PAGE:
The Telegraph
Wednesday , May 28 , 2014
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Friendly neighbourhood ministers

- Rare chance for MPs of ‘triplet seats’ Lohardaga, Raigarh & Sundargarh

Raipur/Ranchi, May 27: It’s a rare neighbourly feeling for newbie minister and Lohardaga MP Sudarshan Bhagat.

Bhagat is among the three MPs of geographical siblings — closely flanked constituencies across three states — to have found berths in Prime Minister Narendra Modi’s ministry, the other two being Vishnu Deo Sai of Raigarh (Chhattisgarh) and Jual Oram of Sundargarh (Odisha).

Ministerial camaraderie, coupled with geographical closeness of their respective seats can help Bhagat, Sai and Oram take notes on the region’s startling similarities, both natural and manmade.

Broadly, three seats together comprise a rich mineral bowl, but its tribal population suffers development lacunae, including rail infrastructure.

People’s mandate apart, the trio of Bhagat, Sai and Oram have been given enough power by the Narendra Modi government to give the region a facelift.

Bhagat, a minister of state, got the charge of social justice and empowerment. Firebrand tribal leader Oram, a Jan Sangh veteran who had represented Sundargarh thrice earlier in the Lok Sabha, has been awarded a cabinet berth as tribal affairs minister. And, four-time Raigarh MP Sai, minister of state, got mines, steel, labour and employment.

“As a member of the Union ministry, Jharkhand will be my first priority,” Bhagat told The Telegraph from New Delhi today.

The leader from the Oraon community who retained his Lohardaga seat needs to bring rail connectivity to Gumla district, which falls under the constituency. Almost 67 years after Independence, Gumla lacks tracks, though it is close to tourist hub Netarhat, which also has a residential school that is the alma mater of many IAS officers.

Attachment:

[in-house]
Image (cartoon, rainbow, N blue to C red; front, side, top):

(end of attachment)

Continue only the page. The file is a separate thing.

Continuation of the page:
Bhagat’s mother Manna Devi said as much.

“I have all the best wishes for my honest son. Bas, Gumla rail line se judi (Just that Gumla should be connected via rail),” she told the media.

The twin districts of Lohardaga and Gumla are also infamous for active rebel organisations, including CPI(Maoist) and PLFI. Bauxite-laden trucks torched for levy and bandh calls affect the mineral-driven economy, though Aditya Birla Group’s Hindalco mainly depends on Lohardaga and Gumla districts for its bauxite to make aluminium.

Sai, Raigarh MP, said he was looking at the big picture. “The three ministers in three constituencies connected to each would help in the development and growth of the region spread across three states,” he said, hinting at co-ordination with respective ministries for a common action plan.

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